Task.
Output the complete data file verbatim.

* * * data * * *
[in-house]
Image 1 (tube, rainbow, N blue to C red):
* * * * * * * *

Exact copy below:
[in-house]
Image 1 (tube, rainbow, N blue to C red):